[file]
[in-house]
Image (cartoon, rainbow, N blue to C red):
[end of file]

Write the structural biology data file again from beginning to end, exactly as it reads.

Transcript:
[in-house]
Image (cartoon, rainbow, N blue to C red):